Despite the availability of Cas9 variants with varied protospacer-adjacent motif (PAM) compatibilities, some genomic loci-especially those with pyrimidine-rich PAM sequences-remain inaccessible by high-activity Cas9 proteins. Moreover, broadening PAM sequence compatibility through engineering can increase off-target activity. With directed evolution, we generated four Cas9 variants that together enable targeting of most pyrimidine-rich PAM sequences in the human genome. Using phage-assisted noncontinuous evolution and eVOLVER-supported phage-assisted continuous evolution, we evolved Nme2Cas9, a compact Cas9 variant, into variants that recognize single-nucleotide pyrimidine-PAM sequences. We developed a general selection strategy that requires functional editing with fully specified target protospacers and PAMs. We applied this selection to evolve high-activity variants eNme2-T.1, eNme2-T.2, eNme2-C and eNme2-C.NR. Variants eNme2-T.1 and eNme2-T.2 offer access to N4TN PAM sequences with comparable editing efficiencies as existing variants, while eNme2-C and eNme2-C.NR offer less restrictive PAM requirements, comparable or higher activity in a variety of human cell types and lower off-target activity at N4CN PAM sequences.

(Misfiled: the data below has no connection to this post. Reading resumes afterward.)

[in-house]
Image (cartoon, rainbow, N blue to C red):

© 2022. The Author(s).